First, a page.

Softbank's investment in a Hollywood movie studio represents the coming out party for two new players in the U.S. entertainment industry -- the Japanese telecommunications company and Nikesh Arora, the former Google executive running a new media and internet company.
Two months after unexpectedly decamping from Google for SoftBank, Arora struck a $250 million deal for a minority stake in Legendary Entertainment, announced on Thursday. Earlier, he had tried unsuccessfully to strike a partnership with DreamWorks Animation, sources said.
As CEO of San Carlos, California-based SoftBank Internet and Media, Arora is charged with investing in and operating media and digital media companies, including music, e-commerce and gaming, said one person close to Softbank. Softbank, owned by legendary investor Masayoshi Son, owns U.S. mobile carrier Sprint and is the largest investor in China e-commerce company Alibaba.
At Google, Arora oversaw sales, marketing and partnerships, an outsider's job at a company, where engineering skills are prized above all else.
The buttoned-down and polished Arora, who has a masters degree in business from Northeastern University and previously worked at T-Mobile Europe, became one of the most powerful Google executives, and the highest paid in 2012, when he made $51 million in cash and stock.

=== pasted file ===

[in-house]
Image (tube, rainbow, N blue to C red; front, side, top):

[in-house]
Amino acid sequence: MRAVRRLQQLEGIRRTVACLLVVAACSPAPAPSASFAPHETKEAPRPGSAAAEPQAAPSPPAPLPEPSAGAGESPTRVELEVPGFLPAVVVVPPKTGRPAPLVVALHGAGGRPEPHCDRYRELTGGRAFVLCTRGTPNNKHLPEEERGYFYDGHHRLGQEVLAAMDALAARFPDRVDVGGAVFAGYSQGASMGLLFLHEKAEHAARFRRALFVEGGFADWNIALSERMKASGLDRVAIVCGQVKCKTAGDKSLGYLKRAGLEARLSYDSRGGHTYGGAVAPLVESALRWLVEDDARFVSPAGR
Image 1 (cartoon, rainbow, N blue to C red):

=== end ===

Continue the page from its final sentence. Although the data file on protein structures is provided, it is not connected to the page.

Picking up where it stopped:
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Several former colleagues described Arora as very effective at getting results, often by eschewing the collaborative, consensus-based culture within Google.
"He didn't really try hard to convince people that he didn't need to convince," recalled one former Google executive, who declined to be identified. "He would be willing to say 'we need to do this, get it done.' He valued execution."
He also had a reputation for being brutally direct, particularly with people he viewed as unprepared, the former colleagues said.
A representative for Arora declined to make him available for an interview or to respond to comments about him. Google also declined to comment.
The Google business chief rubbed shoulders with Hollywood's elite while selling ads and making deals.
Arora is "perfectly placed" to build Softbank's media portfolio, said Sir Martin Sorrell, the chief executive of advertising group WPP, citing Arora's "knowledge gleaned from his years at Google about the media community."